Top BP executives stepped out of a White House meeting last month promising to pay all legitimate claims for damages caused by oil gushing from its well in the gulf.
The pledge sounds simple enough. But some Pinellas beach businesses say uncertainty about ground rules for dispersing the $20 billion fund has them worried they may not be fully compensated for their losses.
One major concern is the incoming boss of the Gulf Coast Claims Fund. Kenneth Feinberg won acclaim overseeing the U.S. government's compensation fund for victims of the Sept. 11 terrorist attacks. He will take over operations of BP's Gulf Coast Claims Center next month.
The Washington, D.C., attorney and law professor drew fire over testimony before the U.S. House Committee on Small Business last month. Feinberg said he would use Florida law as one standard to determine eligibility.
Asked whether the BP money could pay for claims in areas where no oil washed up on beaches, he called it a "tough'' issue.
"Clearly under Florida law … if there's no physical damage to the beaches and it's a public perception, I venture to say that is not compensable,'' Feinberg said. He added, "that's in this area where some discretion's going to have to be exercised.''
Plenty of other tough calls await, including the compensation of real estate brokers who lose commissions and rentals. Keith Overton, chief operating officer of the TradeWinds Island Resorts on St. Pete Beach, asked about compensating suppliers, ranging from food wholesalers to pest control companies, for hotels who were scaling back orders.
Floridians and businesses in the state have filed 32,400 claims, and BP has paid $43.8 million so far, the company says. About 80 percent of the money went toward claims in 10 Panhandle counties. The biggest chunk — 42 percent — covered lost wages.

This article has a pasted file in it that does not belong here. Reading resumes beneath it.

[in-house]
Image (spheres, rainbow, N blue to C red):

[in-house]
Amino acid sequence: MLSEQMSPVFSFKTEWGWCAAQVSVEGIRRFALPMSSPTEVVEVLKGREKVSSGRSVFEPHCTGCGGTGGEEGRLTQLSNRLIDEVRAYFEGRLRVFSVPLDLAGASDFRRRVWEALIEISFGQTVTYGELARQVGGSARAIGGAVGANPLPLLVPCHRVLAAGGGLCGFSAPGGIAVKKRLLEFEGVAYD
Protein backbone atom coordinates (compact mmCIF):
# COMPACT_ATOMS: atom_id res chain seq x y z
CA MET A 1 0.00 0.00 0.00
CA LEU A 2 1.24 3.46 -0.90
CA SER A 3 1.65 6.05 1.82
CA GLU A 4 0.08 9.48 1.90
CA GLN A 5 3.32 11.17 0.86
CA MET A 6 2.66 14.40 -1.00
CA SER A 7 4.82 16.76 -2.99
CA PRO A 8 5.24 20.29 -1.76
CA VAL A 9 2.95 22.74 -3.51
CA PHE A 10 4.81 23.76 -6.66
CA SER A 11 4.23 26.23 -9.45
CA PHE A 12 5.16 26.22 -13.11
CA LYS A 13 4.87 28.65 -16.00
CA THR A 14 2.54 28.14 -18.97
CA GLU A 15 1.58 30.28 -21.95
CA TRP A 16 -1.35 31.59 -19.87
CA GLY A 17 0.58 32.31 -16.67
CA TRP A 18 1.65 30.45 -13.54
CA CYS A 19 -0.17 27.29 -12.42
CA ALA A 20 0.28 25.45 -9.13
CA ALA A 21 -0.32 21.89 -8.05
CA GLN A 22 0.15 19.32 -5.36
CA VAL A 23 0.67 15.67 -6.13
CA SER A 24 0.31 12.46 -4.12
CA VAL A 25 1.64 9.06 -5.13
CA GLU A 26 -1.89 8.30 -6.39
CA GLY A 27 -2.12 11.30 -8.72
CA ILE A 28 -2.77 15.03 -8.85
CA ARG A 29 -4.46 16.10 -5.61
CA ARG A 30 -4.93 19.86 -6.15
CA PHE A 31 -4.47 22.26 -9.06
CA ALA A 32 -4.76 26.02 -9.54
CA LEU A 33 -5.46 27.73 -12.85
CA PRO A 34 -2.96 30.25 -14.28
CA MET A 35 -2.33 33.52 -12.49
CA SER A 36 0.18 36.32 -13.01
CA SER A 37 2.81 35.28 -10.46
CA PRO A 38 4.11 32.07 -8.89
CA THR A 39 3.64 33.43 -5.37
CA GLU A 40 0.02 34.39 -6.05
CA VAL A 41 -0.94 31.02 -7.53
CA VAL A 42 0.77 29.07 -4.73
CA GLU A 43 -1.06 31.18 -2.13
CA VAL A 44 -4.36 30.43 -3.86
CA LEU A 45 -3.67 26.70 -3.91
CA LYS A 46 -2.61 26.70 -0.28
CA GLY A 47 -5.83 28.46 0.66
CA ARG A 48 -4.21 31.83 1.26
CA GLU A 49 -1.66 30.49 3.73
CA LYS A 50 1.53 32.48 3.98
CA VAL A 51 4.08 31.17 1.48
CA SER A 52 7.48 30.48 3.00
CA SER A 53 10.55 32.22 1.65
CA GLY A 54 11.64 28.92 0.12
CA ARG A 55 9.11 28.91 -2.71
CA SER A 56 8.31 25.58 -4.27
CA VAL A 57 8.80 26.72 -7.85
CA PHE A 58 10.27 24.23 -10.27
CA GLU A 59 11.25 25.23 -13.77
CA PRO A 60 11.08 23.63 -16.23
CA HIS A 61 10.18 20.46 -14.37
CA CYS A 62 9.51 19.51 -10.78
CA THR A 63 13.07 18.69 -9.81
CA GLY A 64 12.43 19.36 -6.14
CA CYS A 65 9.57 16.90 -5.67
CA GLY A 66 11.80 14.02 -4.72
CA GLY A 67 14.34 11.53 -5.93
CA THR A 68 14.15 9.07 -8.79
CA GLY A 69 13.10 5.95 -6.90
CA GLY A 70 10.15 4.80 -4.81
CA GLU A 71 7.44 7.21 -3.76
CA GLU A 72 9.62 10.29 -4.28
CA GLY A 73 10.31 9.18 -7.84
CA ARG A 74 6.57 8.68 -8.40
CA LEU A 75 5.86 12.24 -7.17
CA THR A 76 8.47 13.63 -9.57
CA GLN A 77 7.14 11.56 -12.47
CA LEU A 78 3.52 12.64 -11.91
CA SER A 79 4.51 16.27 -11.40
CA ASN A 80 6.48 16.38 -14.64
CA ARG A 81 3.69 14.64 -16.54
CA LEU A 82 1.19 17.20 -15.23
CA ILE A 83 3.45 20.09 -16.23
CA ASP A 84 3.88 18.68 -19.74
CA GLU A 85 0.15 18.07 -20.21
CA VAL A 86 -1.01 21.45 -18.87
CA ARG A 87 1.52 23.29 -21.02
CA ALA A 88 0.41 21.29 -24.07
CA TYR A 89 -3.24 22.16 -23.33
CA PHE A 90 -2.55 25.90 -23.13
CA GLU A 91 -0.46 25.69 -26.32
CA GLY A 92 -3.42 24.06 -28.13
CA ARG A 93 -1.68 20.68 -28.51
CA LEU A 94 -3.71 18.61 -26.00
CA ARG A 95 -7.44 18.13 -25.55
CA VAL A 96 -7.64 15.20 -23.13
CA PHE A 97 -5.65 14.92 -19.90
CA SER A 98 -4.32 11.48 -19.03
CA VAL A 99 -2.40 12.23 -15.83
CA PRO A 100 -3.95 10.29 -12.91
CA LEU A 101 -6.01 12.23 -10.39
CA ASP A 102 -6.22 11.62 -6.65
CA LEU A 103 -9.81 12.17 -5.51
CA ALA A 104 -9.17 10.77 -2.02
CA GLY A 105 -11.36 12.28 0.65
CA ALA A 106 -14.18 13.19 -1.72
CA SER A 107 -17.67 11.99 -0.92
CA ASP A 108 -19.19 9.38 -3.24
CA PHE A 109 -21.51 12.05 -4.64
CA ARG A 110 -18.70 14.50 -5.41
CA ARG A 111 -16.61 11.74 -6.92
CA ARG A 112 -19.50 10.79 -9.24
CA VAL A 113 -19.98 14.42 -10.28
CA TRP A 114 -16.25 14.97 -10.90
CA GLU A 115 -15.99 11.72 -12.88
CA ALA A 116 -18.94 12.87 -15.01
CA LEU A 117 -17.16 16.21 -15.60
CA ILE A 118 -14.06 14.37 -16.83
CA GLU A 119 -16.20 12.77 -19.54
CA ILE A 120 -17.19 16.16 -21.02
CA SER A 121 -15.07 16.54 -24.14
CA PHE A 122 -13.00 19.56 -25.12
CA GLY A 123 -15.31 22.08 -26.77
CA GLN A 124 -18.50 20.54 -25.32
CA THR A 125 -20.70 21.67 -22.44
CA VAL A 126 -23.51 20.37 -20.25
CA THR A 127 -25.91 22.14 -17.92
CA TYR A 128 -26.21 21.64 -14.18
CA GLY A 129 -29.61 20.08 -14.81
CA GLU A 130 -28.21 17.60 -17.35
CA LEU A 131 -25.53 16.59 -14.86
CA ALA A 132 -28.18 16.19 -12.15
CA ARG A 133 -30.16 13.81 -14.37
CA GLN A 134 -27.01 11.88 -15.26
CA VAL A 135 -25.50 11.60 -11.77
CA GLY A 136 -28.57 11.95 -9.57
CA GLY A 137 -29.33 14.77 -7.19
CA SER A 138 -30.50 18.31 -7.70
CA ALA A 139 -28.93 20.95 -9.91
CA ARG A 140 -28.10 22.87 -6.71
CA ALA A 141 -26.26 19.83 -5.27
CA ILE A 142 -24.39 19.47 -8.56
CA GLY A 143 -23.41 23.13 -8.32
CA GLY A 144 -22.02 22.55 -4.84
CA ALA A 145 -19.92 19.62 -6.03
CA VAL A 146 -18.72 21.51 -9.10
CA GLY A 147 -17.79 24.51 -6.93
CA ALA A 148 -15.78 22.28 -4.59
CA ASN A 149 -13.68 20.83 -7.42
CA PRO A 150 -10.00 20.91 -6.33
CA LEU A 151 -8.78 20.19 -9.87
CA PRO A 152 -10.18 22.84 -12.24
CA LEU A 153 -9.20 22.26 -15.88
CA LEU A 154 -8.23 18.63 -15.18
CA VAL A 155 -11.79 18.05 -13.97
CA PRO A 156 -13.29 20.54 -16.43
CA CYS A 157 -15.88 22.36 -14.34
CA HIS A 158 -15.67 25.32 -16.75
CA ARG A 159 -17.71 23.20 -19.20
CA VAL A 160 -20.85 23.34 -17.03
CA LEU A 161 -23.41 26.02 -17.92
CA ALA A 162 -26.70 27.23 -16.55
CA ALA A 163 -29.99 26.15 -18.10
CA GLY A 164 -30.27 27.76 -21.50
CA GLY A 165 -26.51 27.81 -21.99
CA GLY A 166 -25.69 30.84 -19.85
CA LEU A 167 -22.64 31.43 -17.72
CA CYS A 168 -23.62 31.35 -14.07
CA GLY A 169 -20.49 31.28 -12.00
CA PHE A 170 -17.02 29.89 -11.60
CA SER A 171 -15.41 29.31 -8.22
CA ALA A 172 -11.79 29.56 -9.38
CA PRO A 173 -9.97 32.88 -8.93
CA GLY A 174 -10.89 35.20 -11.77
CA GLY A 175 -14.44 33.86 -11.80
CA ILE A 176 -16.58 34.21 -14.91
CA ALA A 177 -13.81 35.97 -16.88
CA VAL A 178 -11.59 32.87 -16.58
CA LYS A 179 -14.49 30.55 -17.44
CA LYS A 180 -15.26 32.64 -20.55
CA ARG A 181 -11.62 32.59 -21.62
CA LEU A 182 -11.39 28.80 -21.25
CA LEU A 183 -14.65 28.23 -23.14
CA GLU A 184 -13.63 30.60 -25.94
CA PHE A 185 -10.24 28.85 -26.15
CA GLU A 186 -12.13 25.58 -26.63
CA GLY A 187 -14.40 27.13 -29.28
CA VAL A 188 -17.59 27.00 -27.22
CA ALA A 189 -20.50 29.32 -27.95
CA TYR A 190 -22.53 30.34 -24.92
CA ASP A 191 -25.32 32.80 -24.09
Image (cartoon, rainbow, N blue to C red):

In Tampa Bay, BP paid more than $2 million. Checks totaling $852,000 went to addresses in Pinellas, $425,000 in Hillsborough, $547,000 in Pasco and $224,000 in Hernando. Claim numbers for the area were not available Friday, the company said.
In Madeira Beach, the Friendly Fisherman Restaurant's claim is about to enter the system, said chief financial officer Patty Hubbard. The paperwork includes monthly profit and loss statements for 2008 and 2009 that BP requested.
She's also throwing in financial data for 2007, the last really good year for the restaurant in tourist-dependent John's Pass Village. The recession spoiled 2008 and 2009, she said, while cold weather cut into 2010 tourist numbers until mid March.
BP will use previous years numbers to determine what an average year should look like. Adjusters then will compare those numbers to how well the business has performed since the Horizon Deepwater rig blew in April.
Hubbard said business from March into April was terrific as tourists steamed back to the beaches. Then came the big spill. She said June revenues were off 20 percent from a year earlier. "What we were robbed of was our recovery,'' she says.
Steve Huettel can be reached at email@example.com or (813) 226-3384.